Cooke, S.J., C.D. Suski, S.E. Danylchuk, A.J. Danylchuk, M.R. Donaldson, C. Pullen, G. Bulte, A. O’Toole, K.J. Murchie, J.B. Koppelman, A.D. Shultz, E. Brooks, and T.L. Goldberg. 2008. Effects of capture techniques on the physiological condition of bonefish Albula vulpes evaluated using field physiology diagnostic tools. Journal of Fish Biology 73:1351-1375.
Cooke, S. J., A. J. Danylchuk, S. E. Danylchuk, C. D. Suski & T. L. Goldberg. 2006. Is catch-and-release recreational angling compatible with no-take marine protected areas? Ocean & Coastal Management. 49:342-354.
Cooke, S.J., and D.P. Philipp. 2004. Behavior and mortality of caught-and-released bonefish (Albula spp.) in Bahamian waters with implications for a sustainable recreational fishery. Biological Conservation. 118:599-607.
Cooke, S.J. and D.P. Philipp. 2008. Improving the sustainability of catch-and-release bonefish (Albula spp.) fisheries: insights for anglers, guides and fisheries managers. pp. 359-381. In: The World Biology of Tarpon and Bonefish. J.Ault, G. Kelley and R. Humston (Eds.). CRC Press, Boca Raton, Florida.
Dallas, L. J., A. D. Shultz, A. J. Moody, K. A. Sloman & A. J. Danylchuk. 2010. Chemical excretions of angled bonefish Albula vulpes and their potential use as predation cues by juvenile lemon sharks Negaprion brevirostris. Journal of Fish Biology. 77:947-962.
Danylchuk, A. J., S. E. Danylchuk, S.J. Cooke, T. L. Goldberg, J. Koppelman & D. P. Philipp. 2006. Do bonefish (Albula vulpes) use mangroves for protection from predators following catch-and-release angling? Proceedings of the Gulf Caribbean Fisheries Institute. 59:417-422.
Danylchuk, A. J., A. Adams, S. J. Cooke & C. D. Suski. 2008. An evaluation of the injury and short-term survival of bonefish (Albula spp) as influenced by a mechanical lip-gripping device used by recreational anglers. Fisheries Research. 93:248-252.
Danylchuk, A. J., S. E. Danylchuk, S. J. Cooke, T. L. Goldberg, J. Koppelman & D. P. Philipp. 2007. Ecology and management of bonefish (Albula spp) in the Bahamian Archipelago.pp. 73-92. In: In the World Biology of Tarpon and Bonefish. Ault, J. S., (Ed.). CRC Press, Boca Raton, Florida.
Danylchuk, A. J., S. E. Danylchuk, S. J. Cooke, T. L. Goldberg, J. Koppelman & D. P. Philipp. 2007. Post-release mortality of bonefish (Albula vulpes) exposed to different handling practices in South Eleuthera, Bahamas. Fisheries Management and Ecology, 14:149-154.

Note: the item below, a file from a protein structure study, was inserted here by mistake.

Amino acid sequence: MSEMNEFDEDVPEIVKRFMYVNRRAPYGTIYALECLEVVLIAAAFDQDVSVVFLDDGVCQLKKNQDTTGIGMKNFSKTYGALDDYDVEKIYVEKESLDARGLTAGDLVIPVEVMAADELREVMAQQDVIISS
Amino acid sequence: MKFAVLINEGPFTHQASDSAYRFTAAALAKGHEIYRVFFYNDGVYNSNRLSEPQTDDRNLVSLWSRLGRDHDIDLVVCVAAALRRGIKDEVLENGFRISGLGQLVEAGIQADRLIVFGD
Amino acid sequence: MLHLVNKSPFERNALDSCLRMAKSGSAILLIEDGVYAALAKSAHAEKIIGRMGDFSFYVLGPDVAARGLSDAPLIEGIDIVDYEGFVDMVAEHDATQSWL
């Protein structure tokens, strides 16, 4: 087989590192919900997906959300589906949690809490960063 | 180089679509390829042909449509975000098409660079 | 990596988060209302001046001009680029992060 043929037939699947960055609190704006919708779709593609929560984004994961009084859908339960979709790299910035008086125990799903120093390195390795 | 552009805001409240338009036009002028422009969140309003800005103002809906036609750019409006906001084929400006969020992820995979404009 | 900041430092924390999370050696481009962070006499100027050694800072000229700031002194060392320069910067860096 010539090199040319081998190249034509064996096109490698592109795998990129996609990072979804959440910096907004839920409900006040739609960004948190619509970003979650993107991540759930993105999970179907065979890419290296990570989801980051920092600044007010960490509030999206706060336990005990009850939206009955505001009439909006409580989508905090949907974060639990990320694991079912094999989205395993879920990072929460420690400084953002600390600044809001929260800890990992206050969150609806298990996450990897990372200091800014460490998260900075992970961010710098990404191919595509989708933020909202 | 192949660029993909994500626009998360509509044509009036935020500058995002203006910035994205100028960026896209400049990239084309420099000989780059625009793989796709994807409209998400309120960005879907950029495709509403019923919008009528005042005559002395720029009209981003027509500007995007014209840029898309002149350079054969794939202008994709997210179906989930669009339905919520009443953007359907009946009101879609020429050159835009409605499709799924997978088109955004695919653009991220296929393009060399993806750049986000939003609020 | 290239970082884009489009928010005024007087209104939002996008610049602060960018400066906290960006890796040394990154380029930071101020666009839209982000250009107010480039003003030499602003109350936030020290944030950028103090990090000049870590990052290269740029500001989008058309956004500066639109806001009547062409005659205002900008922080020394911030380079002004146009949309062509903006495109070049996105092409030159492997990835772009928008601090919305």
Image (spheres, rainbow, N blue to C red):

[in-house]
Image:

Danylchuk, S. E., A. J. Danylchuk, S. J. Cooke, T. L. Goldberg, J. Koppelman & D. P. Philipp. 2007. Effects of recreational angling on the post-release behavior and predation of bonefish (Albula vulpes): The role of equilibrium status at the time of release. Journal of Experimental Marine Biology and Ecology. 346:127-133.
Danylchuk, A.J., S.J. Cooke, T.L. Goldberg, C.D. Suski, K.J. Murchie, S.E. Danylchuk, A. Shultz, C.R. Haak, E. Brooks, A. Oronti, J.B. Koppelman, and D.P. Philipp. 2011. Aggregations and offshore movements as indicators of spawning activity of bonefish (Albula vulpes) in The Bahamas. Marine Biology 158:1981-1999.
Murchie, K.J., A.D. Shultz, J.A. Stein, S.J. Cooke, J. Lewis, J. Franklin, G. Vincent, E.J. Brooks, J.E. Claussen, and D.P. Philipp. In Press. Defining adult bonefish (Albula vulpes) movement corridors around Grand Bahama in the Bahamian Archipelago. Environmental Biology of Fishes. 00:000-000.
Murchie, K.J., S. Clark Danylchuk, A.J. Danylchuk, and S.J. Cooke. 2015. Fish community and habitat assessments of three adjacent tidal creeks on Cape Eleuthera, The Bahamas. Pages 67-80 in K.J. Murchie and P.P. Daneshgar (Eds.), Proceedings of the Second International Symposium on Mangroves as Fish Habitat. Mazatlán, Mexico. American Fisheries Society, Symposium 83, Bethesda, Maryland.
Murchie, K.J., S.J. Cooke, A.J. Danylchuk, S.E. Danylchuk, T.L. Goldberg, C.D. Suski, and D.P. Philipp. 2013. Movement patterns of bonefish (Albula vulpes) in tidal creeks and coastal waters of Eleuthera, The Bahamas. Fisheries Research. 147:404-412.
Murchie, K.J., A.J. Danylchuk, S.J. Cooke, A.C. O’Toole, A. Shultz, C. Haak, E. Brooks, and C.D. Suski. 2012. Considerations for tagging and tracking fish in tropical coastal habitats: lessons from bonefish, barracuda, and sharks tagged with acoustic transmitters. In. Adams, N.S., Beeman, J.W, and Eiler, J.H. (eds.) Telemetry techniques: A user guide for fisheries research. American Fisheries Society, Bethesda, MD. pp. 389-412.
Murchie, K.J., S.J. Cooke, A.J. Danylchuk, S.E. Danylchuk, T.L. Goldberg, C.D. Suski, and D.P. Philipp. 2011. Thermal biology of bonefish (Albula vulpes) in Bahamian coastal waters and tidal creeks: an integrated laboratory and field study. Journal of Thermal Biology 36:38-48.
Murchie, K.J., S.J. Cooke, A.J. Danylchuk, and C.D. Suski. 2011. Estimates of field activity and metabolic rates of bonefish (Albula vulpes) in coastal marine habitats using acoustic tri-axial accelerometer transmitters and intermittent-flow respirometry. Journal of Experimental Marine Biology and Ecology 396:147-155.
Murchie, K.J., S.J. Cooke, and A.J. Danylchuk. 2010. Seasonal energetics and condition of bonefish from different subtropical tidal creeks in Eleuthera, The Bahamas. Marine and Coastal Fisheries: Dynamics, Management, and Ecosystem Science 2:249-262.
Murchie, K.J., S.E. Danylchuk, C.E. Pullen, E. Brooks, A.D. Shultz, C.D. Suski, A.J. Danylchuk, and S.J. Cooke. 2009. Strategies for the capture and transport of bonefish, Albula vulpes, from tidal creeks to a marine research laboratory for long-term holding. Aquaculture Research 40:1538-1550.